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Old 07-05-2019, 18:08   #61
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Re: Are there true advantages to sta-loc standing rigging?

The original question was to go oversize in the standing rigging. I am sure the original designer would have calculated stuff properly, and if not, there would be internet chatter about breaking rigs on the type of your particular boat. If not, then stay with the original size, unless you use the boat for different kind of sailing it was designed for.
The other route you could take is (as per post #47) to go from 1x19 to a Dyform or CS (compact strand) construction, 10-15 % stronger with the same diameter, slightly heavier though. See this link: https://www.arcuswire.com/product/dyform-37

Regarding compression fittings, there are to my knowledge currently only 2 manufacturers: Stalok and Hayn (with Hi-Mod fittings). Norseman used to be in this market, not anymore. Many advantages have been mentioned above, I will list them here:
- One can replace the entire standing rigging with 2 spanners, a hacksaw, measuring tape and some electrical tape, plus or minus some silicone but that is another story , all do-it-yourself, no need for a rigger, particularly if one can measure tension of the rigging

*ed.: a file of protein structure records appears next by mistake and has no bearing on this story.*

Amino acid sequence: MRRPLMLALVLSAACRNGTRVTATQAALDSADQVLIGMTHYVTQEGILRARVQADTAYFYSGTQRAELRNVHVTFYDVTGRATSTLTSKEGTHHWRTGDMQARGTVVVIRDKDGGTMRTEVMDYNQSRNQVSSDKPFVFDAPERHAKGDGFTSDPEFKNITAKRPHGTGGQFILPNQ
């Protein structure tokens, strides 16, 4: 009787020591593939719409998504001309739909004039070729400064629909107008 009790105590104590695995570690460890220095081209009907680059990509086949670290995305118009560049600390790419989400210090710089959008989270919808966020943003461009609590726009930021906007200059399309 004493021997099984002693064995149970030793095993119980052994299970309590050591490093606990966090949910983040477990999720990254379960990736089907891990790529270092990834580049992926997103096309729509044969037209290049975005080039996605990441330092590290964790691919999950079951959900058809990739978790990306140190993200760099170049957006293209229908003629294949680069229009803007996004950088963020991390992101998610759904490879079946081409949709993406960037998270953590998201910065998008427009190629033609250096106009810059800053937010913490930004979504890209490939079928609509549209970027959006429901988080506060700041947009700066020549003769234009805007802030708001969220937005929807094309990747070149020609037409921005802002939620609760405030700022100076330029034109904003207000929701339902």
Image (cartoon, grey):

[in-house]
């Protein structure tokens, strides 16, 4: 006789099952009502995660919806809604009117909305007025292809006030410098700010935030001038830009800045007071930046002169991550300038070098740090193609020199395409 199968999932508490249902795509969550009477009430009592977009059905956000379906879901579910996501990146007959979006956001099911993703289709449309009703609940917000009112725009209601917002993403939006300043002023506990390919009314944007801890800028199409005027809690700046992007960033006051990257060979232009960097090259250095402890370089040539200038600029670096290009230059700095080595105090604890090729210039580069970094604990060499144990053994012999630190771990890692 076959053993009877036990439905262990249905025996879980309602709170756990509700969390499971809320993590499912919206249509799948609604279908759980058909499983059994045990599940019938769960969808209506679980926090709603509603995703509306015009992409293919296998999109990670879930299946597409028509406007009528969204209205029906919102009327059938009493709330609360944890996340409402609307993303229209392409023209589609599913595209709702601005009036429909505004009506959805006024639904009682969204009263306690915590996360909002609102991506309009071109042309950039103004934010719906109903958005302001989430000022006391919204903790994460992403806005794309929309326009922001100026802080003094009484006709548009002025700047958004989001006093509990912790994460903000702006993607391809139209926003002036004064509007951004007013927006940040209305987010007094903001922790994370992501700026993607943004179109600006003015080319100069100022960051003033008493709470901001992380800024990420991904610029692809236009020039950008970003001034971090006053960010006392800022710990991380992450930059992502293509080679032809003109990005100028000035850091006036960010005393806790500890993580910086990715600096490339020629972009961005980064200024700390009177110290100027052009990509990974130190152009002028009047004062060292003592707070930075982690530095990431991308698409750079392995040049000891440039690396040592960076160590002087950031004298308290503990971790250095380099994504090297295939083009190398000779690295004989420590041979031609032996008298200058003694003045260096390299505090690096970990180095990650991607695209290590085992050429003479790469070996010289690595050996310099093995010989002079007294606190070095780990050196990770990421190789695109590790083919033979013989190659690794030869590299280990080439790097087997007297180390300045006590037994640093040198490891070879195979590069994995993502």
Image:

- One can do repairs in remote locations, without access to services, that is if one carries some spare wire, ie at least one wire as your longest stay/shroud
- If one has to, or wants to ???? one can check the internals of the swages, hmmm at times hard to undo!!
- I don't know of any compression fitting failure, but I have seen a dozen or so swage failures

Not mentioned before, having compression fittings but maybe not Norseman, will help with the eventual sale of one’s boat. Maybe these fittings do not increase the re-sell value, but it will help sell the boat quicker as it stands out from other boats, with all other things being equal.

The only disadvantage that I can see (and it has been mentioned many times) is the initial price. On price alone, buying such fittings may only become economic when one keeps the boat for 15 or 25 years (ie with 1 or 2 wire changes). BTW, has anyone done really a $$ comparison for Stalock (or Hi-Mod) versus rolled swaged rigging?

Describing my bias here: In the past I have used Stalok and Norseman compression fittings on many (not mine) boats as an one-off (mainly on furlers). On my current boat I have all Stalok (top and bottom), and yes, I have spare cones and fittings… just in case. I will carry some spare wire (just purchased half a roll). Hmmm a roll of wire would make good ballast…. if only there was spare room in the bilge And the wire I just purchased is Compact Strand.
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Old 07-05-2019, 18:48   #62
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Re: Are there true advantages to sta-loc standing rigging?